RIVERVIEW – Cecelia Nieves has a soft heart when it comes to injured and abused animals. She has worked with them as a certified veterinary technician at Tampa Bay Veterinary Emergency Service since 2009.
Over the years, the Riverview resident recognized a growing need in the community for an organization that could help stray, neglected, confiscated or surrendered animals in need of medical help and rehabilitation in addition to a permanent, loving home. So she founded Animal Luvrs Dream Rescue with the mission of rescuing and caring for critically ill or injured dogs and cats – and the occasional bird or pocket pet – that have no one who is financially responsible for their care.
“One of our first rescues was Pokey, an 8-month-old pit bull mix with Parvo virus whose owner surrendered him to the emergency clinic, was in isolation for about three weeks, and then was transferred to me to find him a foster. One of our foster volunteers in Sarasota took him, and he’s made a full recovery. He was in her care nine or 10 months before being placed in a permanent home last November.”
“It all worked out wonderfully,” Nieves said.
The Riverview-based nonprofit rescue received its official 501(c)3 documentation in June. It currently has 30 volunteer foster parents who live throughout Hillsborough County and as far away as Sarasota and Spring Hill. Most of its shelter animals come from Hillsborough County Pet Resources, Tampa Bay Veterinary Emergency Service or Pasco County Animal Services. A network of veterinarians offer reduced pricing to help defray some of the rescue’s medical costs.
Often an animal’s life is spared.
One of its rescues is Simon, a 2-year-old mini dachshund brought to Tampa Bay Veterinary Emergency Service by a Tampa police officer who found him with a homeless man. He was emaciated and frightened, Nieves said.
“He was transferred to animal services, deemed not adoptable for aggression and put on stray hold,” she said. “I was told he would be euthanized if not pulled by a rescue.”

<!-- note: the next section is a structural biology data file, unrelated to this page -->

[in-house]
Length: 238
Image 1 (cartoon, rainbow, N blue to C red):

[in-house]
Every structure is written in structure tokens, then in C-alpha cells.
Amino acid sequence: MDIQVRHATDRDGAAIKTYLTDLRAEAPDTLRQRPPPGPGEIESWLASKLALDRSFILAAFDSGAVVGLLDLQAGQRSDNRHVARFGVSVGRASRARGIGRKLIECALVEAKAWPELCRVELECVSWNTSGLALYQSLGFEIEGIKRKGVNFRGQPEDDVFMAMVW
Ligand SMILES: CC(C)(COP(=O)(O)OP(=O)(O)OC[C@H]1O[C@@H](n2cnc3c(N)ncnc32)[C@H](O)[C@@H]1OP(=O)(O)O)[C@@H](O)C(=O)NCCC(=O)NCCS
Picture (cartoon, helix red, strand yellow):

Simon stayed with Nieves until a kennel cough issue was resolved, and then placed with Nina Franklin, who is currently fostering him.
“You should see him now,” Franklin said. “He’s very loving, laid-back and playful, and he’s good with kids and other animals.”
Animal Luvr’s Dream Rescue has about 30 dogs and cats available for adoption. Prospective owners are required to fill out applications, be interviewed, consent to a home visit and, if all goes well, sign an adoption agreement. Fees are $50 to $300, depending on the breed, age of the dog and the amount of medical care it received while being fostered. Most are completely healthy but any lingering issues already being treated continue to be covered by the rescue.
Funding for medical expenses generally comes from monthly fundraisers the organization hosts, including dog washes from 11 a.m. to 2 p.m. at Pet Malls, 11691 Boyette Road, Riverview. The next one is this Saturday and Sunday. For details, call (813) 741-0414.
And Kimberly Tyson, DVM, owner of Four Paws Veterinary Clinic in Riverview, will host a Yappy Hour event to benefit Animal Luvr’s Dream Rescue from 6 to 9 p.m. Sept. 30 at Joia Fabulous Pizza & Martini Bar, 10475 Gibsonton Drive, Riverview. For information, call (813) 677-7171.
To learn more about Animals Luvr’s Dream Rescue, view adoptable animals or learn how you can help, visit www.animalluvrs.org. You can also call (813) 358-8312 to speak with Nieves directly.